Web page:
Numbness and tingling in your hands and feet can be a temporary symptom such as when you sit on your foot and it "goes to sleep" or a persistent and severe sign of a more chronic disease or injury. More severe injuries may indicate that nerve damage (also called peripheral neuropathy) has occurred. Peripheral neuropathy can be a progressive problem that can result in permanent impairment. What causes numbness in the hands and feet? What treatments are available? And how do you know when you should get in to see your doctor?
Causes of Numbness in Hands and Feet
- Diabetes. Diabetic peripheral neuropathy is one of the most common causes of numbness and tingling in the hands and feet. Typically, this neuropathy starts in the feet and may be one of the first symptoms that an adult has developed diabetes. Almost one-third of all peripheral neuropathies are caused by diabetes.
- Nerve Entrapment Syndromes. Numbness in the hands and feet can be caused when a nerve becomes pinched or trapped such as with carpal tunnel syndrome or ulnar or radial nerve palsy. These syndromes are usually caused by repetitive actions (typing, playing a piano, carrying a heavy shoulder bag, etc.) over time. Depending on the nerve that is trapped, symptoms may start with numbness, but can quickly progress to burning or stabbing pain. In rare instances, nerve entrapment can lead to paralysis of the affected extremity.
- Systemic Diseases. Diseases of the kidney, liver, connective tissues, cardiovascular system and tumors can cause numbness in hands and feet. For example, left-sided arm numbness can occur in angina and myocardial infarction because of inadequate oxygen supply to the heart. In this case, numbness can be a symptom of a life-threatening illness.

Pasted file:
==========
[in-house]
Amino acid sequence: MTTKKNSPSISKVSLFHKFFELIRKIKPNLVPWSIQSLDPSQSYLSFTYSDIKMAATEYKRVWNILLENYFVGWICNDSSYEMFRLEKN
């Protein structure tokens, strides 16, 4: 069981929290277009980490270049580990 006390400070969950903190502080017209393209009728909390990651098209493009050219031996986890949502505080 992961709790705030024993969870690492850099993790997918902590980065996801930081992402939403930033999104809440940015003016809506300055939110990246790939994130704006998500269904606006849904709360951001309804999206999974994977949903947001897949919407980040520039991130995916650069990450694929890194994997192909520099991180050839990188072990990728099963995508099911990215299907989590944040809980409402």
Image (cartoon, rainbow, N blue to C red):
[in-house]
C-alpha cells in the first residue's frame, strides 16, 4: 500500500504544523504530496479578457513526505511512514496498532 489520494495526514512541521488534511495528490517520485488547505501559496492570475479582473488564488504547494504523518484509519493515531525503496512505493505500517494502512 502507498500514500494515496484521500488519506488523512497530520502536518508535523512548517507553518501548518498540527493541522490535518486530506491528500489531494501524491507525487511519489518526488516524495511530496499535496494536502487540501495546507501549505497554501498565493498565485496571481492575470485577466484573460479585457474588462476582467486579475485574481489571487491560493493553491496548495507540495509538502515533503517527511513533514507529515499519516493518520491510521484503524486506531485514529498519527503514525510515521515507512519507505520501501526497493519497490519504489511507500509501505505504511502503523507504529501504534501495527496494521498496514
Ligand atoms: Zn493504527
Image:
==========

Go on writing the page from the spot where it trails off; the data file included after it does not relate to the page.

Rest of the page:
- Vitamin Deficiencies. Deficiencies of the B vitamins and vitamin E can lead to peripheral neuropathy. All of these vitamins are critical to maintain healthy nerves, so a deficiency may show up as numbness in the hands or feet.
- Alcoholism. The peripheral neuropathy common in alcoholics is usually related to the vitamin and thiamine deficiencies due to poor diets. Alcoholics can also develop nerve damage from chronic alcohol use, often referred to as alcoholic neuropathy.
- Toxins. Heavy metals (for example, mercury, lead and arsenic) and other chemicals may cause peripheral neuropathies. This can also include those chemicals in the form of medications that are used to treat cancer and viruses.
- Infections. Neurological infections such as shingles, Epstein-Barr virus, herpes, Lyme disease, and HIV/AIDS can lead to peripheral neuropathy causing numbness in hands and feet.
- Autoimmune Diseases. Autoimmune diseases in which the body starts attacking itself can also cause neuropathies. Common diseases in this category include Guillain-Barr¨¦ syndrome, rheumatoid arthritis, and lupus.
- Inherited Disorders. Charcot-Marie-Tooth neuropathy is a group of incurable inherited disorders that may result in peripheral neuropathy and loss of sensation in the hands and feet.
- Injury. Nerve damage leading to numbness is often caused by trauma or some other mechanism of injury. Bone fractures or dislocations are common causes of nerve compressions that can result in numbness of hands and feet.